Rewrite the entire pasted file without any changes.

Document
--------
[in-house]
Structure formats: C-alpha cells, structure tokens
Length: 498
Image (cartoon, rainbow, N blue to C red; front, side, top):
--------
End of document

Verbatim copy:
[in-house]
Structure formats: C-alpha cells, structure tokens
Length: 498
Image (cartoon, rainbow, N blue to C red; front, side, top):